How to Build Your Confidence (And Why It Matters)
"Have confidence!" is one of the most essential pieces of advice you'll receive in life that makes no sense if you've never done it. You know what confident people look like, the advantages they get, and that it's something worth emulating. How do you get there, though?
What is Confidence Anyway?
In the purest sense, confidence is knowing what you're good at, the value you provide, and acting in a way that conveys that to others. Contrast this with arrogance which typically involves believing you are better in a particular area than you are, or low self-esteem which involves believing you're less valuable than you think. The close your self-assessment is to that reality in the middle, and the more you behave accordingly, the closer you are to displaying healthy confidence.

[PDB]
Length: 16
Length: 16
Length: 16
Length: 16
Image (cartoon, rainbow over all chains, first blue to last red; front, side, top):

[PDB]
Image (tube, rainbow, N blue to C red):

Why does this definition matter? Because if you want to raise your confidence to a level that helps (rather than harms) you, it's important to know what you're aiming for. Blindly thinking positive won't necessarily help
What Does it Matter?
Confidence is one of those traits that can become an ethereal ideal that we all think is good, but ask us to point to the specific reasons why anyone should want it and we can only point to vague hypotheticals. Fortunately, science has our back. Here are just a few ways that tangibly improving your own self-confidence manifests in real world benefits:
Confidence can be more important romantically than physical attractiveness.
A study published by the International Journal of Cosmetic Science showed that giving men some cologne improved their confidence enough to be rated as visibly more attractive in photographs. Similarly, researchers at Webster University found something as simple as a confident, direct smile from a woman was enough to catch the attention of a potential date.